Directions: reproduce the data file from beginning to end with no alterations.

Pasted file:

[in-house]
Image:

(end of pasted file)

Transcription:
[in-house]
Image: